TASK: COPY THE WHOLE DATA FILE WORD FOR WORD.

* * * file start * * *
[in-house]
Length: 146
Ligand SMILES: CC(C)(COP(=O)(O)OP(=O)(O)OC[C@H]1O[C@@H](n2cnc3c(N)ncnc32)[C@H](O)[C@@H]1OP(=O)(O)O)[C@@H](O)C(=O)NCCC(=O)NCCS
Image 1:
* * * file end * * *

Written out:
[in-house]
Length: 146
Ligand SMILES: CC(C)(COP(=O)(O)OP(=O)(O)OC[C@H]1O[C@@H](n2cnc3c(N)ncnc32)[C@H](O)[C@@H]1OP(=O)(O)O)[C@@H](O)C(=O)NCCC(=O)NCCS
Image 1: